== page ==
When I was born, Paul VI was pope. I don’t remember the 1978 conclave that elected John Paul I, but after he died just 1 month into his papacy, I have fuzzy memories of seeing a photo in the Akron Beacon Journal of him on the papal balcony — my father telling me, with incredulity in his voice, “The pope died and the Cardinals have to go back to Rome to choose another“. I was 6 years old.
In 2005 I pretty much watched every moment of the proceedings after John Paul II’s death, including each consecutive requiem mass (9 in total), in addition to the colossal funeral mass. I recall just how amazed I was by Josef Cardinal Ratzinger’s homilies, particularly his conclave homily, during that time. I was watching all this beautiful pageantry and liturgy during one of the absolute lowest times in my life (“Jesus and I both had a really rough time in our 33rd years”, I used to joke to myself). I had nothing to do except soak in every beautiful moment of the 2005 Interregnum. And with a premonition that he might just be the leading papabile, I started reading everything that Cardinal ‘Ratzi’ had published. Introduction to Christianity. Salt of the Earth. The Ratzinger Report. Spirit of the Liturgy.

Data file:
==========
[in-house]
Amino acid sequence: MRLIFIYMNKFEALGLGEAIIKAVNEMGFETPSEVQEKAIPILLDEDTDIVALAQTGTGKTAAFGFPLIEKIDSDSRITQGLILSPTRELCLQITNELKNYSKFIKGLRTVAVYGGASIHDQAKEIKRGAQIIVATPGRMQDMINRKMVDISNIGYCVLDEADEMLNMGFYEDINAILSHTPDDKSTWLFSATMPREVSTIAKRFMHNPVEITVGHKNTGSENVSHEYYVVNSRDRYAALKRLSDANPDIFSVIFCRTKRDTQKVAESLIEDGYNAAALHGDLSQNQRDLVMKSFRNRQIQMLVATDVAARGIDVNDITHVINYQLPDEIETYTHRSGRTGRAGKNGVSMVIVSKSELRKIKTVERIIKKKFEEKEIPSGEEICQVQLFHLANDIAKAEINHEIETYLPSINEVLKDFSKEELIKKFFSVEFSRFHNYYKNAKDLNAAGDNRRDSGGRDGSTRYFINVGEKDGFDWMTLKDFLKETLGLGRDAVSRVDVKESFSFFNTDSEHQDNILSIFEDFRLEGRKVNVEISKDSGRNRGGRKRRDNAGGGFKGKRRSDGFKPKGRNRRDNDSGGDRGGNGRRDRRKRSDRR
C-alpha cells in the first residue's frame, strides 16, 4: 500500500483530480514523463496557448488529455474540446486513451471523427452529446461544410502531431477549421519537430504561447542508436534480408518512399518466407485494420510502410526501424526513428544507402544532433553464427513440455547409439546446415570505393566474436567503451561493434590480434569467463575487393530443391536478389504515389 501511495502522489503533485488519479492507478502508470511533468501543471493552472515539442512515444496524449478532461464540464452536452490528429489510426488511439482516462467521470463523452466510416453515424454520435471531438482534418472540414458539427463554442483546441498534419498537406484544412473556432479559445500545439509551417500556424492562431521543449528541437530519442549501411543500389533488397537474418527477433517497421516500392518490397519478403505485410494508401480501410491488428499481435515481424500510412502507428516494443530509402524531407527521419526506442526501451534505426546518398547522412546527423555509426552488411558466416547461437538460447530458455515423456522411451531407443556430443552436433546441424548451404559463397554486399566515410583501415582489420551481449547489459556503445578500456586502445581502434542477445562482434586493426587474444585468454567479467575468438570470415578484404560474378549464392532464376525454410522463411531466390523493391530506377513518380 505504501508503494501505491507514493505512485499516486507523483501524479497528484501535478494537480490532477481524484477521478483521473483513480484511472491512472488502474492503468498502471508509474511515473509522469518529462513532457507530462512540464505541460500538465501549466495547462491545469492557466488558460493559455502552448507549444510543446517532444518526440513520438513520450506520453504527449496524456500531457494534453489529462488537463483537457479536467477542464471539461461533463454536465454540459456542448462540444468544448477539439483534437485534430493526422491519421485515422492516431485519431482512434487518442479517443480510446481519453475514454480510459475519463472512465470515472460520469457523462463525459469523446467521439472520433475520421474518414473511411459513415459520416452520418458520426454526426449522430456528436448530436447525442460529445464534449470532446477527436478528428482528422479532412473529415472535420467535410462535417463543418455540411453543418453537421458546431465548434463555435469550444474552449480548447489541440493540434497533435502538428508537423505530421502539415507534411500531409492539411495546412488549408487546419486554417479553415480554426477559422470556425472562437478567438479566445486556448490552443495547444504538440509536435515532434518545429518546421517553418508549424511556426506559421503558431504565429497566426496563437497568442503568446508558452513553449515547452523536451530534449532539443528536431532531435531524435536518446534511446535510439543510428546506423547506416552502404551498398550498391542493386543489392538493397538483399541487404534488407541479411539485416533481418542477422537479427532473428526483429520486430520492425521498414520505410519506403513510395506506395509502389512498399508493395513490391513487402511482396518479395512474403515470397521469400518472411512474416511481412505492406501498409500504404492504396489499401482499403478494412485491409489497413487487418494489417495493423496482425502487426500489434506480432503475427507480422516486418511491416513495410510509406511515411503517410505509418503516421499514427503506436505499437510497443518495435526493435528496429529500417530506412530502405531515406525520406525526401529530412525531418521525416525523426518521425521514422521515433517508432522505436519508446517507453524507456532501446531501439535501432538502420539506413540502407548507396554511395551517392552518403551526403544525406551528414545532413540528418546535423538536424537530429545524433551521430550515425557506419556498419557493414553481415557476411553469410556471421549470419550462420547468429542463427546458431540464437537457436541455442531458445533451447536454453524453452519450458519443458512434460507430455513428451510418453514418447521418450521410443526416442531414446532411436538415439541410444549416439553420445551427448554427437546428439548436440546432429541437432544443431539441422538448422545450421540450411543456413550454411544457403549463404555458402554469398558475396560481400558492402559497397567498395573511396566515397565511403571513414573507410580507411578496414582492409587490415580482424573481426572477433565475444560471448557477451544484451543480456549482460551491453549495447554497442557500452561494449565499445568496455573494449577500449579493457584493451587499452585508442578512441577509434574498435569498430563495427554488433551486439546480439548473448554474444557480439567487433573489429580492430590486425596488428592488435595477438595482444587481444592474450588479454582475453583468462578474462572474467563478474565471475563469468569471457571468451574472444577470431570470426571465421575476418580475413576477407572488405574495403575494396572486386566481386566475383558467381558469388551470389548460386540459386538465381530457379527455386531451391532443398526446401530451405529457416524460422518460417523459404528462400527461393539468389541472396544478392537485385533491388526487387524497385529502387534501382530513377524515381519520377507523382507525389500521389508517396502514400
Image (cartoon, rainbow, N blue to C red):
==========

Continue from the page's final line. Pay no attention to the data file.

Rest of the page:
And on April 19, 2005, my mother and I happened to be at the local library as the conclave’s 4th vote emerged as the white smoke proclaiming the news — Habemus Papam! A crowd gathered around the TV in the library lobby, as we watched the crowd at St Peter’s erupt as soon as the name ‘Josephus’ was proclaimed. My stomach leapt, as if to say “It’s Ratzi!!” Then we saw Benedict emerge onto the portico with his delightful “Rocky victory salute“, proclaiming himself a simple and humble worker in the vineyard of The Lord.
Everyone in the library lobby looked perplexed, even my mother — with puzzled faces tacitly saying ‘who is this guy?’ I laid my hand on my mother’s shoulder and murmured “This is good. Really good.”